Cleaners working on the Tyne and Wear Metro struck for 72 hours over Christmas over pay.
The cleaners, members of the RMT union, work for contractor Churchill’s. They began their strikes on Sunday 23 December.
The workers delivered “Christmas hampers” to local councillors, which contained nothing except a letter telling them to end poverty?pay.
Churchill’s have refused to offer any pay rise, even though the company has doubled its profits over the last five years.
Cleaners on London Underground began a 48-hour strike on New Year’s Eve in their battle over pay.
The RMT members working for contractors Initial and ISS are demanding a living wage and improved working conditions. They previously walked out during the Olympics last year.
Workers in train drivers’ union Aslef on London Underground struck on Boxing Day in a dispute over bank holiday pay.
For three years in a row, the union’s members have voted by over 90 percent to take action on Boxing Day.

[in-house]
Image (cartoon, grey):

The union wants no driver to be forced to work on Boxing Day, and those who do to be paid more than the normal rate. The bosses have refused to offer any talks.
Signal workers in Stirling who struck on Christmas Eve struck again on New Year’s Eve and were set to strike on 5 January.
Their RMT union has been calling for 12 hour shifts, but Network Rail is refusing talks. Workers backed strikes by 100 percent.
The RMT union called off strikes against job cuts on Northern Isles ferries after progress in talks. The workers had planned to walk out for three days in December.
RMT general secretary Bob Crow said, “We have asked the company for a number of assurances which have been met. “If we can’t make sufficient progress in those talks we will have no hesitation in issuing notice of our intent to take action again immediately.”